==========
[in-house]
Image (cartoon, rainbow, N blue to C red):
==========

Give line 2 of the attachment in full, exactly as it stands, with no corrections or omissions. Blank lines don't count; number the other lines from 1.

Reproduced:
Image (cartoon, rainbow, N blue to C red):